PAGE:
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Dietary fat and age-related maculopathy.
Arch Ophthalmol 1995; 113(6):743-8AO

Abstract

OBJECTIVE

To describe the relationship between type and level of fat in the diet and the prevalence of age-related maculopathy.

DESIGN

Retrospective population-based study.

SETTING AND PARTICIPANTS

Residents of Beaver Dam, Wis, between the ages of 45 and 84 years, participating in the Beaver Dam Eye Study and Nutritional Factors in Eye Disease Study.

DATA COLLECTION

Presence and severity of age-related maculopathy were determined from masked grading of fundus photographs taken from 1988 through 1990. Diets in the past (1978 through 1980) were assessed retrospectively using a food frequency questionnaire during in-person home interviews.

RESULTS

Persons with intake of saturated fat and cholesterol in the highest compared with the lowest quintile had 80% and 60% increased odds for early age-related maculopathy, respectively, after adjusting for age and intake of beer. These relationships were not influenced by adjusting for several other potential confounding variables (carotenoid intake, intake of vitamins C or E in supplements, smoking, body mass index, time spent outdoors in the summer, gender, and history of diabetes, hypertension, or cardiovascular disease). Odds ratios for late age-related maculopathy were in similar directions but were not statistically significant.

CONCLUSIONS

High intake of saturated fat and cholesterol is associated with increased risk for early age-related maculopathy in the Beaver Dam population. This supports the hypothesis that atherosclerosis or its risk factors are related to age-related maculopathy. Confirmation of this finding in other populations and in prospective studies is needed.

Authors+Show Affiliations

Department of Ophthalmology, University of Wisconsin Medical School, Madison, USA.No affiliation info availableNo affiliation info availableNo affiliation info availableNo affiliation info availableNo affiliation info available

Pub Type(s)

Journal Article
Research Support, U.S. Gov't, P.H.S.

Language

eng

PubMed ID

7786215

Citation

Mares-Perlman, J A., et al. "Dietary Fat and Age-related Maculopathy." Archives of Ophthalmology (Chicago, Ill. : 1960), vol. 113, no. 6, 1995, pp. 743-8.
Mares-Perlman JA, Brady WE, Klein R, et al. Dietary fat and age-related maculopathy. Arch Ophthalmol. 1995;113(6):743-8.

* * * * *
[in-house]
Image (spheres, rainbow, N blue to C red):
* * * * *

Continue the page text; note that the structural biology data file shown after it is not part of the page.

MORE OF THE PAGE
Mares-Perlman, J. A., Brady, W. E., Klein, R., VandenLangenberg, G. M., Klein, B. E., & Palta, M. (1995). Dietary fat and age-related maculopathy. Archives of Ophthalmology (Chicago, Ill. : 1960), 113(6), pp. 743-8.
Mares-Perlman JA, et al. Dietary Fat and Age-related Maculopathy. Arch Ophthalmol. 1995;113(6):743-8. PubMed PMID: 7786215.
* Article titles in AMA citation format should be in sentence-case
TY - JOUR T1 - Dietary fat and age-related maculopathy. AU - Mares-Perlman,J A, AU - Brady,W E, AU - Klein,R, AU - VandenLangenberg,G M, AU - Klein,B E, AU - Palta,M, PY - 1995/6/1/pubmed PY - 1995/6/1/medline PY - 1995/6/1/entrez SP - 743 EP - 8 JF - Archives of ophthalmology (Chicago, Ill. : 1960) JO - Arch. Ophthalmol. VL - 113 IS - 6 N2 - OBJECTIVE: To describe the relationship between type and level of fat in the diet and the prevalence of age-related maculopathy. DESIGN: Retrospective population-based study. SETTING AND PARTICIPANTS: Residents of Beaver Dam, Wis, between the ages of 45 and 84 years, participating in the Beaver Dam Eye Study and Nutritional Factors in Eye Disease Study. DATA COLLECTION: Presence and severity of age-related maculopathy were determined from masked grading of fundus photographs taken from 1988 through 1990. Diets in the past (1978 through 1980) were assessed retrospectively using a food frequency questionnaire during in-person home interviews. RESULTS: Persons with intake of saturated fat and cholesterol in the highest compared with the lowest quintile had 80% and 60% increased odds for early age-related maculopathy, respectively, after adjusting for age and intake of beer. These relationships were not influenced by adjusting for several other potential confounding variables (carotenoid intake, intake of vitamins C or E in supplements, smoking, body mass index, time spent outdoors in the summer, gender, and history of diabetes, hypertension, or cardiovascular disease). Odds ratios for late age-related maculopathy were in similar directions but were not statistically significant. CONCLUSIONS: High intake of saturated fat and cholesterol is associated with increased risk for early age-related maculopathy in the Beaver Dam population. This supports the hypothesis that atherosclerosis or its risk factors are related to age-related maculopathy. Confirmation of this finding in other populations and in prospective studies is needed. SN - 0003-9950 UR - https://www.unboundmedicine.com/medline/citation/7786215/full_citation L2 - https://jamanetwork.com/journals/jamaophthalmology/fullarticle/vol/113/pg/743 DB - PRIME DP - Unbound Medicine ER -